Question about Philips DVP3340V

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Region free code

I live in the US and i have 2 children,the grandparents sending dvd's to them from Europe;but i can't play them on this particular unit.I need a region free code/hack to be able to play the cartoons for them.I appreciate your help and thank you for your time!
A.

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  • usaatd Feb 10, 2009

    My sons send me DVD's from the UK and I cannot get them play even after changing the region in the set up menu

    Phil



    Help!!

  • moonstone125 Mar 06, 2009

    Has anyone actually tried the above? I'm wary about downloading files onto my pc without more than one person's sayso...

  • Anonymous Apr 25, 2009

    I had the same problem and followed the steps provided in this solution and it worked!!! Thank you so much!

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See http://www.multi-region.net/philips_dvp3340v , I just used this and it worked beautifully.

Posted on Jan 25, 2009

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1 Answer

Unlock region codes--change to multi-region or no region


You maybe able to get a Region free code from these WEB sites for your player.
Unlock DVD Players - Region Free Code
www.dvdexploder.com/ www.download-info.com/dvd/index_new.htm

Jan 12, 2013 | Samsung BD-E5400

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I just bought a sony DVP-FX750 portable DVD player in the US but live in Europe - how do we change the region code from 1 to ALL?


The region code for ALL comes by default & if once set to a particular region you can change it to other region for 5 times, but not to ALL.

Aug 03, 2011 | Sony DVP-FX750 Portable DVD Player

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I have just purchased a new Panasonic DMP-BD75 DVD/Blue Ray player locally. I was assured that it was multi-regional for DVDs (as required by Australia's trade laws). However, it will only play...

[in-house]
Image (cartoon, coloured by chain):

Hi, some times regional codes does not work all the time..But it's worth trying..

The DVD world is divided into six major geographical regions, with two additional regions reserved for specialized use.

To keep it simple, this means that DVD players and DVDs are labeled for operation on within a specific geographical region in the world. For example, the U.S. is in region 1. This means that all DVD players sold in the U.S. are made to region 1 specifications. As a result, region 1 players can only play region 1 discs. That's right, the DVDs themselves are encoded for a specific region. On the back of each DVD package, you will a find a region number (1 thru 6).

The geographical regions are as follows:

REGION 1 -- USA, Canada
REGION 2 -- Japan, Europe, South Africa, Middle East, Greenland
REGION 3 -- S.Korea, Taiwan, Hong Kong, Parts of South East Asia
REGION 4 -- Australia, New Zealand, Latin America (including Mexico)
REGION 5 -- Eastern Europe, Russia, India, Africa
REGION 6 -- China
REGION 7 -- Reserved for Unspecified Special Use
REGION 8 -- Reserved for Cruise Ships, Airlines, etc...
REGION 0 or REGION ALL -- Discs are uncoded and can be played Worldwide, however, PAL discs must be played in a PAL-compatible unit and NTSC discs must be played in an NTSC-compatible unit.

The end result is that DVDs encoded for regions other than Region 1 cannot be played on a region 1 DVD player, also, players marketed for other regions cannot play region 1-stamped DVDs.

The Reasons For DVD Region Coding

Why does DVD region coding exist, you ask? According to what the public is being told, such coding is a tool to protect copyright and film distribution rights (in other words, movie studio profits).

Movies are released in theaters in different parts of the world at different times throughout the year. That Summer blockbuster in the U.S. may end up being the Christmas blockbuster overseas. If that occurs, the DVD version of the movie may be out in the U.S. while it is still showing in theaters overseas.

In order to preserve the financial integrity of the theatrical distribution of a particular film, it is not possible (under normal conditions) to have a friend in the U.S. send a DVD copy of the film to the country where it is in theatrical release and be able to play the DVD on a player there.